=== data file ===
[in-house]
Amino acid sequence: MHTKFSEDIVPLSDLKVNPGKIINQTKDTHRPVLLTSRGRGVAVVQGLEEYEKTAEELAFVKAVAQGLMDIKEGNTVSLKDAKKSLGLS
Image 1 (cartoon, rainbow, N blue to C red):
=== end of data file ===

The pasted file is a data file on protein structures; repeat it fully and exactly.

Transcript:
[in-house]
Amino acid sequence: MHTKFSEDIVPLSDLKVNPGKIINQTKDTHRPVLLTSRGRGVAVVQGLEEYEKTAEELAFVKAVAQGLMDIKEGNTVSLKDAKKSLGLS
Image 1 (cartoon, rainbow, N blue to C red):